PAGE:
PHOTO/Mark Howell

Harry Schroeder celebrates his 80th birthday in style.


Paradise Swing Band celebrates Harry Schroeder’s 80th



The Paradise Swing Band’s April 2 concert at St. Peter’s Church on Center Street  was the latest triumph for this eight-member band and its founder-arranger Harry Schroeder.

His lineup on this occasion included Stuart King on trumpet (borrowed from Howard Livingston’s Mile Marker band), Les Dudley on tenor sax, George Hemund on baritone sax, Joe Dallas on bass, Hal Howland on drums, Linda Sparks on oboe (yes!) and Larry Smith sitting in on piano.

The band members stole the show to announce the day as Harry’s octobirthday. In addition to arranging and writing, as he always does, the charts for all the selections played, Harry has spent the past 30 years in the Keys, in the words of Joe Dallas, “as the father of a lot of stuff we do in Key West.”

During his time here, Schroeder has for a long while served on the adjunct faculty at St. Leo’s, plus 12 years as a cab driver in Key West, a decade or more as the much admired and appreciated music reviewer for the late Solares Hill and, as the founder of the Paradise Swing Band, was formerly famed for practicing his trombone out of doors to the amazement off passing commuters.

The first selection at the concert, introduced by Dallas who has evidently taken over the microphone in introducing the numbers at these concerts, was “Splanky” by Neal Hefti, a composer for Woody Herman, later for movies and TV and, in this instance, for the Count Basie Band. A blaring combo of wind instruments winding up and down and round about, against the cool drums of a super-cool Hal Howland, a talkative bass and an emphatic piano together turned the church into a nightclub — in the best sense, the audience applauding each solo with a congregation’s amen. And for a man of such mature years, Schroeder on the bone really is something.

Next up was “Dance of the Scarecrows” composed by Schroeder himself to find out what all four horns playing different lines and different rhythms would sound like. It’s become one of the band’s standards.

       “Annie Annie Over” is also by Schroeder, based on a game he and his fellows played at recess in a rural school in Wyoming. Stuart King’s trumpet was outstanding, laying down the building blocks for a great tune.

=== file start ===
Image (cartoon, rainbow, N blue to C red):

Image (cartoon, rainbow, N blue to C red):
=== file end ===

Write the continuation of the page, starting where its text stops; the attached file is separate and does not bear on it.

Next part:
Next up was Linda Sparks soloing on oboe (wow!) in Duke Ellington’s “Mood Indigo.” Even by 7 p.m. that very evening the band did not know what that would sound like. It sounded revelatory. A yearning march evolved into a reedy waltz, plaintive and personal (and met with applause) with the horns finally eliding into a single sentence slip sliding behind. This is chamber jazz, something we’d not heard before.

“Lazy Afternoon,” from a 1954 off-Broadway musical called “The Golden Apple,” is the resurrection of an unusual and complicated piece of harmonic structure, a thumping march both funereal and funny, Larry Smith ultimately wild on the piano.

“Ask Me Now” by Thelonious Monk asked for more of Smith at the keyboard: Difficult chord changes leading to real beauty.

“My Girl” from Smokey Robinson closed out the first set with full-throated exuberance, especially from King’s trumpet and Schroeder’s trombone, taking the song to new heights as it reverberated through the rafters. Some girl!

The second set opened with “Terrestris” by Tom Harrell, a blues trumpet player. In his intro, Dallas said it proved “there’s no limit to what you can do with a great melody.” It also proved that Schroeder is writing his best charts ever.

“Moondance” up next proved that Irish rocker Van Morrison was ever a jazzman at heart.

Duke Ellington’s son Mercer, who played in his dad’s trumpet section and took over the band when Duke died, wrote “Things Ain’t What They Used to Be,” a ruminative meditation requiring a mute on Schroeder’s trombone part. Larry Smith’s piano was utterly beautiful, discrete and blowsy in turn.

Linda Sparks brought her oboe back for “Little Niles” by Randy Weston, a little-known pianist-composer. It was in 3-4 time (a waltz) and it was awesome, the oboe both sweet and plaintive, the band both polite and declarative, and highly supportive throughout.

The concert concluded with “This Can’t Be Love,” first heard by the band at Kim Gordon’s concert last year; Randy Weston’s “Berkshire Blues” in three-quarter time and “Jumpin’ With Symphony Sid,” an all-in piece that concluded with a drum solo by Howland that lifted the roof. How cool is that?

Following the music, Rev. Rick Effinger of St. Peter’s cut and served Harry Schroeder’s birthday cake to grateful guests in the garden.

Schroeder has arrived with a wonderful noise at the gates of his next 80 years.










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